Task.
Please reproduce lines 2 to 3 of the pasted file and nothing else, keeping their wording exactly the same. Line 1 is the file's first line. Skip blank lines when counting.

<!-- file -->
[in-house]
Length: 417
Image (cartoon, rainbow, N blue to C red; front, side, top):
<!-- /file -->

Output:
Length: 417
Image (cartoon, rainbow, N blue to C red; front, side, top):